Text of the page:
“The things that we could control, we have put measures on there,” Kanoho said. But, when it comes to altering or touching collective-bargaining agreement which covers holiday pay and rank-for-rank overtime pay, “I know that’s going to lead to pushback from the union.”

Council Chair Arryl Kaneshiro noted that when he voted in opposition to the two-year, collective-bargaining agreement with a 2% increase across the board last year, he faced backlash.

“You look at all the spikes, and by far fire is the highest spikers,” Kaneshiro said. “There is not one employee in the whole county that even reaches the lowest fire employee that spiked. I mean, how is that fair?”

Goble expressed that the collective-bargaining agreements tie the department’s hands, but they are moving in the direction the council wants to see.

Kagawa, who called for this discussion, appreciated the accountability the KFD had on the issue, thanking and welcoming Goble to the island.

“We represent our county employees, but our greater responsibility is to our citizens and innocent taxpayers that rely on us to make wise decisions,” he said.

“Although it may be uncomfortable sometimes, and many of the firefighters families and I don’t want go down this road, we have a greater responsibility when elected to the people of Kaua‘i to eliminate unnecessary spending.”


Sabrina Bodon, public safety and government reporter, can be reached at 245-0441 or sbodon@thegardenisland.com.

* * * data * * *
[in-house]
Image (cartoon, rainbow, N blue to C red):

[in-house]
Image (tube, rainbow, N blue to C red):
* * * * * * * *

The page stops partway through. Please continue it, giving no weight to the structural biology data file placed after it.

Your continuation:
1. Ernie Pation August 7, 2020 3:34 am Reply

    Business as usual on Kauai and the state of Hawaii.

    Theft like this has been occurring for decades.

    This is not new.

    There are many theft cases in Kauai and state of Hawaii regarding county and state employees.

    You all wonder why the county of Kauai has not hired a county auditor since the Pasion debacle?

    Cover up so no one does the checks and balances.

    Easy when you have a blank check and no accountability and county employee raises ever year and sometimes twice a year. Now we are not talking about COLA raises of 1-2%, we are talking about the highest earners receiving 10-15% raises.

    This pandemic is a natural occurrence in third world corrupt governments and that’s why Kauai lives up to its name as the wild Wild West of the Pacific.

    No need auditor when everyone is stealing anyways.

    Took me 5 times to wrtlite this because they kept on erasing by refreshing the screen.

  2. Kelly Sims August 7, 2020 5:06 am Reply